[pct-l] More on Stehekin and Mazama fires

Wayne Kraft wayneskraft at comcast.net
Sat Sep 9 23:31:11 CDT 2006

OK, I claim to know no more than what I'm told, but I think we may  
have figured out the source of the confusion here.  Areas around  
Stehekin Landing and Hazard Creek are subject to a level 3 evacuation  
notice .  Level 3 means you should leave right now.  The community of  
Stehekin itself is still at a level 2 evacuation notice.  Level 2  
means be ready to leave at any moment.


On Sep 9, 2006, at 8:58 PM, andrea dinsmore wrote:

> 05:55 PM PDT on Saturday, September 9, 2006
> Associated Press
> STEHEKIN, Wash. -- Fire burning near a remote hamlet in  
> northcentral Washington prompted the Chelan County sheriff's office  
> Saturday to issue an evacuation notice for dozens of homes and  
> businesses in Stehekin Landing and along Lake Chelan.
> The Flick Creek fire was estimated at 6,511 acres. It has been  
> threatening the town of Stehekin at the north end of the lake  
> intermittently since it was accidentally started by a campfire July  
> 26.
> Sheriff Mike Harum issued the "level three" warning, meaning a  
> current and immediate threat exists from the fire and people are  
> advised to leave the area immediately.
> "The Level 3 Evacuation notice along the lakeshore up to the corner  
> of Buehler's Bluff is necessary due to the possibility of rolling  
> rocks and debris from fire in the Purple Creek drainage," the  
> sheriff's office said in a news release.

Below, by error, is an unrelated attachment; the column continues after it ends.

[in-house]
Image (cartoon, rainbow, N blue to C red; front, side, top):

> About 25 to 30 residences and businesses were affected by  
> Saturday's evacuation notice, fire information officer Mick Mueller  
> said.
> He added that the predominant number of structures were above the  
> landing where boats and float planes drop tourists heading into the  
> wilderness.
> On Friday, the sheriff's office ordered the mandatory evacuation of  
> three vacation homes in the Hazard Creek drainage, about a mile  
> south of Stehekin Landing on the lake's northeastern shore.
> About 40 miles northeast of Entiat, the Tinpan fire in the Glacier  
> Peak Wilderness was holding at about 8,197 acres, or more than 12  
> square miles.
> "It didn't get much fire activity overnight and we're feeling  
> pretty good about it holding," Mueller said.
> About 108 firefighters were assigned to the blaze.
> More than 3,000 firefighters were assigned to the Columbia complex  
> and Tripod complex, the two largest wildfire clusters in the state.
> The lightening-caused Columbia complex near Dayton has burned more  
> than 158 square miles of wheat fields, brush and forest in  
> southeastern Washington and was 55 percent contained.
> The Flick Creek fire, estimated at 6,511 acres, was accidentally  
> started by a campfire July 26.
> In northcentral Washington, firefighters continued to battle the  
> massive Tripod complex about seven miles northwest of Winthrop. One  
> of three wildfires in the Pasayten Wilderness Area, the Tripod  
> complex has burned nearly 267 square miles.
> At its northern flank, the fire was burning about a mile south of  
> the Canadian border. No structures were immediately threatened, and  
> the blaze was 60 percent contained.
> The Tatoosh complex, 18 miles northwest of Mazama, was estimated at  
> 39,470 acres --about 62 square miles -- and extended into Canada.  
> U.S. and Canadian fire managers also were monitoring the Van Peak  
> fire, which was burning between the Tripod and Tatoosh fires about  
> five miles south of the border.
> Residents in Mazama remained on notice to be ready to evacuate if  
> the Cedar Creek fire grows. That blaze, estimated at about two  
> square miles or 1,500 acres southwest of town, was 40 percent  
> contained.
> This report is from KING 5 News, Seattle.
> Andrea Dinsmore
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